from Wiktionary, Creative Commons Attribution/Share-Alike License

  • n. Eye dialect spelling of lady.

from The Century Dictionary and Cyclopedia

  • n. A dialectal form of lady.


Sorry, no etymologies found.


  • Then a slight shock, and I found myself clasping the "leddy" firmly round the neck.

    Punch, or the London Charivari, Volume 159, November 24, 1920

  • Usually no Friday night is complete without a sit-down in front of one of the channel's compilations from the vault, but as such staples of the Seventies airwaves as Kris Kristofferson gave way to Buffy Sainte-Marie and Dory Previn to Don Williams, one began, sadly, to think that one could have enough of limping acoustic guitars, earnestness, facial hair, smock-dresses and constant reminders that you were a lady (pronounced "leddy") and I was a man, so really we ought to get it together.

    The Independent - Frontpage RSS Feed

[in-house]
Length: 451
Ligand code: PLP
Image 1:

• "And \expndtw6 your young leddy." \cf0\expndtw0\par

    Poem About Never Growing Up

  • I noticed that while his Scots was less pronounced than that of the man called Murtagh, his accent was still broad enough that the word was almost, though not quite, "leddy."

    Sick Cycle Carousel

  • But, to say truth, there is a leddy sits in our hall-neuk, maun have her hand in that as weel as in every other job.

    The Bride of Lammermoor

  • “The wean saw something like a white leddy that weised us the gate,” said Tibb; “when we were like to hae perished in the moss-hags — certain it was that Shagram reisted, and I ken Martin thinks he saw something.”

    The Monastery

  • In this dilemma, the child suddenly exclaimed — “Bonny leddy signs to us to come yon gate.”

    The Monastery

  • “See there, see there,” said Martin, “you see the leddy has twice our sense.”

    The Monastery

  • “Ye hae nae reason to doubt my leddy, or ony thing she says or does, Dame Glendinning,” said the faithful Tibb, something offended;

    The Monastery

  • “And what might the white leddy be?” said Elspeth;

    The Monastery


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